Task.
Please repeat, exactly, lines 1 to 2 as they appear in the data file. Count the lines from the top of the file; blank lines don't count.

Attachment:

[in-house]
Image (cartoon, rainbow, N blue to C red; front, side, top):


[in-house]
Image (cartoon, rainbow, N blue to C red; front, side, top):